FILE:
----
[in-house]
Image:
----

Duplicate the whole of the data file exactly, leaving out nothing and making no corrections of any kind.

[in-house]
Image: